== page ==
Texas executes white supremacist in black man’s dragging death

Betty Boatner, a sister of James Byrd Jr., talks to the crowd during a prayer vigil at James Byrd Memorial Park in Jasper, Texas, on April 24 ,2019. (Ryan Welch/The Beaumont Enterprise via AP)
Updated 25 April 2019

Texas executes white supremacist in black man’s dragging death

  • John William King and his cohorts were found guilty of chaining James Byrd Jr. to the back of a truck and dragged for nearly 3 km
  • Prosecutors said Byrd, 49, was targeted because he was black. He was alive for at least 3 km until his body was ripped to pieces

HUNTSVILLE, Texas: An avowed racist who orchestrated one of the most gruesome hate crimes in US history was executed Wednesday in Texas for the dragging death of a black man.
John William King, who was white, received lethal injection for the slaying nearly 21 years ago of James Byrd Jr., who was chained to the back of a truck and dragged for nearly 3 miles (5 kilometers) along a secluded road in the piney woods outside Jasper, Texas. The 49-year-old Byrd was alive for at least 2 miles (3 kilometers) before his body was ripped to pieces in the early morning hours of June 7, 1998.
Prosecutors said Byrd was targeted because he was black. King was openly racist and had offensive tattoos on his body, including one of a black man with a noose around his neck hanging from a tree, according to authorities.
King, 44, was put to death at the state penitentiary in Huntsville, Texas. He was the fourth inmate executed this year in the US and the third in Texas, the nation’s busiest capital punishment state.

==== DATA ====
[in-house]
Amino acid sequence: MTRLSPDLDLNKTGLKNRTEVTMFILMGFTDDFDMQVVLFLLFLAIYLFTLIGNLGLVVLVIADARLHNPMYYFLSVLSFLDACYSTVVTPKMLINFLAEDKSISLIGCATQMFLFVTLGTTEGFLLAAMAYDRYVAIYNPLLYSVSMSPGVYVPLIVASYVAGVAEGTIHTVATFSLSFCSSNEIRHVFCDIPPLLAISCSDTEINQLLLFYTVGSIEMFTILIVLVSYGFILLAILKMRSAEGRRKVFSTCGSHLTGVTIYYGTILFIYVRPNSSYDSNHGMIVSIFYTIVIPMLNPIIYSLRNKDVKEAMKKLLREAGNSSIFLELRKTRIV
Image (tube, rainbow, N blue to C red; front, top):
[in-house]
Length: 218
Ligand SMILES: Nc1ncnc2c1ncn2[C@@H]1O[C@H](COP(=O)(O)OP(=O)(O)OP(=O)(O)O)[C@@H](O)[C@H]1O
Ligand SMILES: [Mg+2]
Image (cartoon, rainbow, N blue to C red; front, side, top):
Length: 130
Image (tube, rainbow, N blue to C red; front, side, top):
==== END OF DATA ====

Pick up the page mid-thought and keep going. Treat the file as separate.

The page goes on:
The killing of Byrd was a hate crime that put a national spotlight on Jasper, a town of about 7,600 residents near the Texas-Louisiana border that was branded with a racist stigma it has tried to shake off ever since. Local officials say the reputation is undeserved.
King’s appellate lawyers had tried to stop his execution, arguing King’s constitutional rights were violated because his trial attorneys didn’t present his claims of innocence and conceded his guilt.
The US Supreme Court rejected King’s last-minute appeal.
“From the time of indictment through his trial, Mr. King maintained his absolute innocence, claiming that he had left his co-defendants and Mr. Byrd sometime prior to his death and was not present at the scene of his murder. Mr. King repeatedly expressed to defense counsel that he wanted to present his innocence claim at trial,” A. Richard Ellis, one of King’s attorneys, wrote in his petition to the Supreme Court.